So this is it. After years of blogging as my dog, I’m finally striking out on my own.
If you think that statement sounds weird, you’ll probably think it even weirder that I find it easier talking to people as a huge, slobbery Great Dane than as myself…but hey, when you’re impersonating someone whose main concerns in life are ‘should I eat my own poo?’ and ‘do I bark at the postman today?’ – nothing seems that serious. ;-) The thought of having to display some human intelligence now by coming up with witty observations and glowing pearls of wisdom is seriously daunting.
What’s more – if you were hoping to get juicy gossip about my glamorous job or sexy friends, you’re outta luck. See, I’m a writer – which pretty much means that I spend all day – alone – in my pyjamas, having an unhealthy relationship with my computer, and the most exciting event in my work day is when the neighbours go out to hang their washing.
On the other hand, there is something that I can give you juicy details about – and that’s what it’s like straddling the cultural multi-highway.
I’m Taiwanese by birth, Chinese by ethnicity, British by marriage, pseudo-American by accent and currently Australian by residence. I grew up in the Middle East, was educated in the British system, eat with the typically voracious Chinese appetite, have a weakness for American snacks and a love affair with New Zealand. As someone who has lived in 7 countries and embraced several cultures (not to mention cuisines), I can certainly tell you what it’s like having
an identity crisis – er, a rich mixed cultural heritage.
And despite not having lived in Asia most of my life and English being my first language, there is still a part of me that is very much ‘Chinese’ (years of soya sauce consumption does have side-effects). It’s the part that always makes me take a gift with 2 hands, struggle to accept a compliment and feel like I should have haggled for a better price…and it’s the part that somehow still defines me, no matter how Westernised my lifestyle is.
This does not mean that I “see the world in wide-screen due to my slitty eyes” – as some smart-aleck once asked me :roll: – but it does mean that perhaps I see the Western world I live in with slightly different insights…
So, I guess this blog will be a place for me to share (among other things) those insights and observations. They might not be witty – or wise – but they might be interesting enough to those who wonder what happens when East meets West and…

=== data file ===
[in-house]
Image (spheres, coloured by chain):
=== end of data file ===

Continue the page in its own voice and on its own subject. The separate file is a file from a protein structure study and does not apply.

Of course – as they say in those Hollywood movie voice-overs – every great journey begins with a single step. I guess a blog begins with a name – something that would reflect what the blog was all about. When I first started researching the phenomenon of growing up Asian in a Western world, I came across the term ‘banana’ – supposedly to describe someone who is “yellow on the outside, white on the inside”.
It refers in particular to all those 2nd generation Chinese and other Asian immigrants (often known as ABC’s “American-Born Chinese” or CBC’s “Canadian-Born Chinese”, etc, etc ) whose parents had moved to the US, UK, Australia, Canada and more…and who had grown up looking completely Asian but living in a completely Western world.
Well, that’s not me exactly but I loved the term and thought it was a fun, light-hearted way to sum up exactly what I feel like sometimes…I was even thinking of a blog name incorporating the word “banana”…until I realised, with more reading, that the term was often used in a derogatory sense – a racist insult, even! Yes, apparently for many, a ‘banana’ is someone who has “sold out” to the West and forgotten their Asian roots, such as being unable to speak Chinese…
The funny thing is, it’s often the “fully Chinese” who use this name as an insult…most ‘bananas’ themselves don’t actually see it as an offensive term. They see it as the perfect description for someone who has had the chance to enjoy both cultures – to have Asian values as part of your upbringing, while at the same time inheriting the ‘white’ culture that you grew up in – and combining Eastern & Western traditions in varying degrees. As one ‘banana’ put it: “By choosing to accept the term, we empower it!” Be a banana and be proud of it! :P
So yeah – I’m comfortable being a ‘banana’ and see it as a positive term, not a negative one. I see myself as someone who has the best of both worlds. And I do my best to celebrate the Asian parts of me, as well as the Western customs I’ve adopted.
As for my blog name? Well, OK, I chickened out on using something that might have negative connotations – instead, I decided to go for something that would sum up the idea of East meets West…and thanks to all the helpful suggestions from the readers of my dog’s blog, I’ve come up with the perfect name (I think!): Chinos & Chopsticks.
The ‘chopsticks’ part is easy, of course, as few other words instantly conjure up the image & essence of Asia…but the “Western” word took some finding as I didn’t want anything too ‘American’ or British’ or any other bias…well, ‘chinos’ seems like a nicely ubiquitous Western concept.
And it’s got a personal touch too: chinos are about the only thing my husband will wear, despite years of desperate pleading on my part to try other forms of legwear. I’ve finally managed to get him to try colours other than beige (MAJOR achievement) and we’re now working towards accepting other fabrics but it is a slow process…(what is it with men and their lifelong commitment to an item of clothing which they will wear until it falls off their backs?? And then they want to go out and buy another one “exactly like it”?? :roll: )
And speaking of my husband – do you know what they call him? A Western person who has embraced Asian culture? An ‘egg‘ : white on the outside, yellow on the inside! ;-)